Sumner, Edwin Vose

Sumner, Edwin Vose,

1797–1863, American soldier, Union general in the Civil War, b. Boston. He fought in the Black Hawk War and in the Mexican War. Made colonel of the 1st Cavalry in 1855, he was commander of Fort Leavenworth during the disturbances (1856) in Kansas between proslavery and antislavery groups. In 1857 he campaigned against the Cheyenne in Kansas, and from 1858 to 1861 was commander of the Dept. of the West. At the beginning of the Civil War he was promoted to brigadier general in the regular army. Sumner ably led the 2d Corps of George B. McClellan's army in the Peninsular campaignPeninsular campaign,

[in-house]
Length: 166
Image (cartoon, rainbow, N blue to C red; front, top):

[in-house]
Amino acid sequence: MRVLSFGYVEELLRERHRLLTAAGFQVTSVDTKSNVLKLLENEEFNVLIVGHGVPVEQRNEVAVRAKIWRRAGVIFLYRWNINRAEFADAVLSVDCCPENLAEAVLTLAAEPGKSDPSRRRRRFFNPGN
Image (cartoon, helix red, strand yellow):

in the American Civil War, the unsuccessful Union attempt (Apr.–July, 1862) to capture Richmond, Va., by way of the peninsula between the York and James rivers. The Plan

Early in 1862, Gen. George B.
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, particularly at Fair Oaks, and later in the Antietam campaign. In the battle of FredericksburgFredericksburg, battle of,
in the Civil War, fought Dec. 13, 1862, at Fredericksburg, Va. In Nov., 1862, the Union general Ambrose Burnside moved his three "grand divisions" under W. B. Franklin, E. V.
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 his "grand division" bore the brunt of the futile assault on Marye's Heights. Made commander of the Dept. of the Missouri early in 1863, Sumner died on his way there.
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